- reviewed by Russ Breimeier Copyright Christianity Today International
- 2007 1 Jul
- Secret Weapon
- Shut It Down
- Here's to the Life
- Top of the Charts
- Punk Rawk Celebrity
- Chop Shop
- You're on Fire
- Bass So Low
- Sad Sad Song
- Never Better Than Now
- Biting the Bullet (Is Bad For Business)
- Not Nothing
- Tightly Wound
Nearly ten years ago, MxPx left Tooth & Nail Records to sign with A&M for a mainstream deal. But they were unable to maintain their rising star, and after A&M folded in 2004, it left the trio's future somewhat uncertain. Some would say punk rock has fallen out of fashion; others feel MxPx has fallen out of punk by favoring pop. Either way, it almost seemed inevitable the band would re-team with Tooth & Nail to try and recapture their glory days.
Sure enough, Secret Weapon does recall old times—a double-edged sword at this point in MxPx's career. Fans looking for more of the same will find it here in a mix of punk rock and power-pop stylings. Those hoping for more from these veterans, however, may be disappointed.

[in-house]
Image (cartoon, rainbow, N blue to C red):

Christian punk by nature gravitates toward simple lyrics and quick references to faith. With just seven of the sixteen songs running over three minutes—none more than four—there's not much profound depth. Still, the rowdy "Chop Shop" will garner mixed reactions, lamenting a gruesome murder while offering little beyond "It's sad … Call the cops."
But spiritual themes obviously fuel "Angels," while "You're on Fire" encourages a friend's road to healing ("Now that you're on fire, you are like the sun/Son"). Better is the rocker "Bass So Low," apparently a subtle metaphor for hearing God's still small voice, and the oh-so-catchy "Sad Sad Song" (featuring John Davis) resembles All Star United while rejecting negative attitudes.
Secret Weapon is fun, no question. The band is an impressively well-oiled machine, and with Aaron Sprinkle back in the producer's chair, the album is true to form. But after fifteen years, you can't help expect better from MxPx. Green Day recently proved capable of significant artistic growth (as well as distinctive hits) with American Idiot, and consider how far Relient K has come in just seven years. These days, MxPx sounds more on par with Hawk Nelson, which is great … until you consider that relatively new Hawk Nelson grew up listening to MxPx as an influence.